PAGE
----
Vitamin analysis is specialist work
24 February 2020 - Articles
Fruit and vegetables contain a lot of valuable elements, including vitamins. Vitamins are an essential part of our diet. If you know which and how many vitamins your product contains, you can use this information in your marketing. The Eurofins Vitamin Centre analyses vitamin levels in fruit and vegetables.
“Consumers are becoming increasingly aware of the importance of what we eat, and more and more people are paying attention to nutritional claims and labels. Labels can provide information on aspects such as vitamin levels,” Annelies Mosch, Account Manager Horticulture at Eurofins Agro, said at the Horti Expert Days in February 2020.
Sweet peppers are an example of a product that is rich in vitamins. Red peppers contain a lot of beta carotene, a substance that the human body converts into vitamin A. Yellow peppers contain less vitamin A but more vitamin C than green ones. Green peppers contain vitamin K and fiber. Cucumbers also contain high levels of vitamin C, along with magnesium. Tomatoes are rich in lycopene and vitamin C. Mosch: “To ensure you are providing the correct information, it is important to have the nutrients in your products analyzed. This information can also be a useful marketing tool.”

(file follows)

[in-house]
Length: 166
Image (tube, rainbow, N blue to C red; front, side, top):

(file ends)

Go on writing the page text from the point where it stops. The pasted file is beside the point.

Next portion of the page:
More precise measuring
Mette Baltzer, Commercial Manager at Eurofins Vitamin Centre, explained at the Horti Expert Days that vitamin level measurements are becoming increasingly accurate. “It is not easy to measure vitamins. Their stability depends on a lot of factors, such as temperature, pH, relative humidity, oxygen, light and time. At our Vitamin Centre in Denmark we specialize in determining the vitamin levels in various products ranging from infant formula to cosmetics and from animal feed to fruit and vegetables. Methods have improved considerable over the past few years, so it is now possible to state the nutritional value of a range of fruit and vegetables much more accurately.”
“When analyzing vitamin levels in fruit and vegetables, it is also important to bear in mind that there can be significant variations between individual samples. The part of the plant being analyzed also plays a role: for example, there is a big difference between the vitamin C in the flesh and in the skin. So you need to take this into account when taking samples and assessing them,” Baltzer explains.
Over the past few years, the Eurofins Vitamin Centre has analyzed a wide range of fruit and vegetables for the Danish National Food Institute. The data is collected in www.fooddata.dk, a database that can be consulted by the public.
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